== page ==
The Comfort of the Savior
Tony Chute, Interim Pastor
Overview: The book of Isaiah is traditionally divided into two main sections, chapters 1-39 and 40-66, reflecting pre- and post-exilic settings. This is an appropriate division based on historic and thematic clues from the text, but it can be carried too far by those who deny the prophetic element in Isaiah’s message. In short, our thoughts about God matter because what we believe about God will determine how we respond to God. The people in Isaiah’s day needed to have their thoughts about God corrected as well. Prior to the exile, they believed that forming an alliance with a foreign power was more strategic than placing their trust in God. They therefore ignored the Word of God spoken by His prophet and they suffered the consequences of their idolatry. In order to ensure that their thoughts would not harden against God during the exile, Isaiah informed them that their undesirable situation was not God’s final word. God would forgive their sins, keep His promises, demonstrate His power and strengthen His people in due time.
01. For those who believe God is angry and will never forgive you, take comfort in knowing that God is merciful and gracious to all who cry out to him.
02. For those who believe God is silent and will never speak to you, take heart in knowing that God’s word is eternal and accessible to all who read it.
03. For those who believe God is busy and will never care for you, take time to consider how God’s work in the world points to His love for His people.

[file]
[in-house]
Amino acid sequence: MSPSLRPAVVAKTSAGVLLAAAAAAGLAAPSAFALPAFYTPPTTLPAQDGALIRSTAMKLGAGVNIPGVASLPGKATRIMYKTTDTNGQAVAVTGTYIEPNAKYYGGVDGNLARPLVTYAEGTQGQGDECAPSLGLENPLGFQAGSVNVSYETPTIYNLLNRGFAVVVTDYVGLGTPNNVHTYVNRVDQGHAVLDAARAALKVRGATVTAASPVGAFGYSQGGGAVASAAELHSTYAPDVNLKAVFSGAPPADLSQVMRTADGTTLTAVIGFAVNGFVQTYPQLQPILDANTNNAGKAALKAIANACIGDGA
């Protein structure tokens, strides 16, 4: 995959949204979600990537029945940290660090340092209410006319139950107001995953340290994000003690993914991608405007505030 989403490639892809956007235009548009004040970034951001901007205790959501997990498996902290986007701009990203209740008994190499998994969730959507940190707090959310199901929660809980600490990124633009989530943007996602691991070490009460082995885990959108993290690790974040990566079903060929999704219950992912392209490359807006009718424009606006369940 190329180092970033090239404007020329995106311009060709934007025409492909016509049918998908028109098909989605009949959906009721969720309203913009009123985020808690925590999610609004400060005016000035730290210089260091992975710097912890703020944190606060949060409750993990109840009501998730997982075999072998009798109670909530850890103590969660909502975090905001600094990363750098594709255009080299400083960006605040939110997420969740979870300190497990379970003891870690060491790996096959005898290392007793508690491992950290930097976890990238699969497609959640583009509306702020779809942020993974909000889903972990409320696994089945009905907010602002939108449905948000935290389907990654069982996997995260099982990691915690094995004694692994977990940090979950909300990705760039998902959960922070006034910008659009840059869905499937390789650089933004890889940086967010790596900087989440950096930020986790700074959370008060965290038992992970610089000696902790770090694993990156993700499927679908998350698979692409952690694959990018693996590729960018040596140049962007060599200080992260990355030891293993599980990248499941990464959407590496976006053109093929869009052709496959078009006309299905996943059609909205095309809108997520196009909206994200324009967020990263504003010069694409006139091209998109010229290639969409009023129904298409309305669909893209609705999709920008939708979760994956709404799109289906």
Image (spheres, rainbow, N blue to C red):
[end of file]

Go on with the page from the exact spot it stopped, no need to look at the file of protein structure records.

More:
04. For those who believe God is distant and will never notice you, take this opportunity to ask God how He might use you to serve Him and His people.
Questions for Discussion and Discovery
1. Share an experience about how your thoughts gave you the wrong impression about something or someone. What made you think the way that you did? What corrected your way of thinking?
2. What are some wrong thoughts people have about God? Do any of the application points summarize your thoughts about God? Comment on the following: “Our wrong thoughts about God do not change God, but they do change our response to God.”
3. On what basis can we say that the Bible corrects our wrong thoughts about God? How do the doctrines of revelation and inspiration contribute to our certainty that God has spoken, and the Bible is an accurate record of His self-disclosure?
4. Many of our favorite verses come from this chapter. Do you have a favorite verse from this chapter? If so, explain why this verse means so much to you.
5. What can we learn about God and His attributes through this chapter? For example, Isaiah 40:1 tells us that God is merciful, and Isaiah 40:14 tells us that God is omniscient. What other attributes can you find? How does our understanding of these attributes help to correct our wrong thoughts about God?
For Further Reading: J. I. Packer, Knowing God (InterVarsity Press, 1973; 20th Anniversary Edition, 1993).